Lightwood works by generating code for Predictor objects out of structured data (e.g. a data frame) and a problem definition. The simplest possible definition being the column to predict.
The data can be anything. It can contain numbers, dates, categories, text (in any language, but English is currently the primary focus), quantities, arrays, matrices, images, audio, or video. The last three as paths to the file system or URLs, since storing them as binary data can be cumbersome.
The generated Predictor object can be fitted by calling a learn method, or through a lower level step-by-step API. It can then make predictions on similar data (same columns except for the target) by calling a predict method. That’s the gist of it.
There’s an intermediate representation that gets turned into the final Python code, called JsonAI. This provides an easy way to edit the Predictor being generated from the original data and problem specifications. It also enables prototyping custom code without modifying the library itself, or even having a “development” version of the library installed.
Lightwood abstracts the ML pipeline into 3 core steps:
Pre-processing and data cleaning
Model building and training
By default, each of them entails:
i) Pre-processing and cleaning¶
For each column in your dataset, Lightwood will infer the suspected data type (numeric, categorical, etc.) via a brief statistical analysis. From this, it will generate a JsonAI object.
Lightwood will perform a brief pre-processing approach to clean each column according to its identified data type (e.g. dates represented as a mix of string formats and timestamp floats are converted to datetime objects). From there, it will split the data into train/dev/test splits.
The cleaner and splitter objects respectively refer to the pre-processing and the data splitting functions.
ii) Feature Engineering¶
Data can be converted into features via “encoders”. Encoders represent the rules for transforming pre-processed data into a numerical representation that a model can use.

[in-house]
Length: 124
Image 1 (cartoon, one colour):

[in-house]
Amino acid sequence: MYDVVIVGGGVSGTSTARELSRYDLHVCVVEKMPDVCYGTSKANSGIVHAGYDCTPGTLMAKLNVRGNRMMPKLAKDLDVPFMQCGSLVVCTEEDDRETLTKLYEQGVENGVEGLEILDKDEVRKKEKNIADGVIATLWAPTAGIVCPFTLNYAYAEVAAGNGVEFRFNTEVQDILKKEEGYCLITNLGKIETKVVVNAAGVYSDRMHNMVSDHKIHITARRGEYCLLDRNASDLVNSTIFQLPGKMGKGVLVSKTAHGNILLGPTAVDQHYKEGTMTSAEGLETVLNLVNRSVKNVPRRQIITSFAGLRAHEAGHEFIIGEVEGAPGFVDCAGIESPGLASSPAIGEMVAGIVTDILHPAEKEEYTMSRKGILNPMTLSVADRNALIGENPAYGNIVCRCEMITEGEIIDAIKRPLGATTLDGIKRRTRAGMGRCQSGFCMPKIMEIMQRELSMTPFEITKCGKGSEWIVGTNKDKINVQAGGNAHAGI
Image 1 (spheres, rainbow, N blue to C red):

Encoders can be rule-based or learned. A rule-based encoder transforms data per a specific set of instructions (ex: normalized numerical data) whereas a learned encoder produces a representation of the data after training (ex: a “[CLS]” token in a language model).
Encoders are assigned to each column of data based on the data type, and depending on the type there can be inter-column dependencies (e.g. time series). Users can override this assignment either at the column-based level or at the datatype-based level. Encoders inherit from the BaseEncoder class.
iii) Model Building and Training¶
We call a predictive model that intakes encoded feature data and outputs a prediction for the target of interest a mixer model. Users can either use Lightwood’s default mixers or create their own approaches inherited from the BaseMixer class.
We predominantly use PyTorch based approaches, but can support other models.
Multiple mixers can be trained for any given Predictor. After mixer training, an ensemble is created (and potentially trained) to decide which mixers to use and how to combine their predictions.
Finally, a “model analysis” step looks at the whole ensemble and extracts some stats about it, in addition to building confidence models that allow us to output a confidence and prediction intervals for each prediction. We also use this step to generate some explanations about model behavior.
Predicting is very similar: data is cleaned and encoded, then mixers make their predictions and they get ensembled. Finally, explainer modules determine things like confidence, prediction bounds, and column importances.
Strengths and drawbacks¶
The main benefit of lightwood’s architecture is that it is very easy to extend. Full understanding (or even any understanding) of the pipeline is not required to improve a specific component. Users can still easily integrate their custom code with minimal hassle, even if PRs are not accepted, while still pulling everything else from upstream. This works well with the open-source nature of the project.
The second advantage this provides is that it is relatively trivial to parallelize since most tasks are done per-feature. The bits which are done on all the data (mixer training and model analysis) are made up of multiple blocks with similar APIs which can themselves be run in parallel.
Finally, most of lightwood is built on PyTorch, and PyTorch mixers and encoders are first-class citizens in so far as the data format makes it easiest to work with them. In that sense performance on specialized hardware and continued compatibility is taken care of for us, which frees up time to work on other things.
The main drawback, however, is that the pipeline separation doesn’t allow for phases to wield great influence on each other or run in a joint fashion. This both means you can’t easily have stuff like mixer gradients propagating through and training encoders, nor analysis blocks looking at the model and deciding the data cleaning procedure should change. Granted, there’s no hard limit on this, but any such implementation would be rather unwieldy in terms of code complexity.